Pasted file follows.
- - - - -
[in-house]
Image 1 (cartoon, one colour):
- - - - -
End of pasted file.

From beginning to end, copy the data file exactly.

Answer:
[in-house]
Image 1 (cartoon, one colour):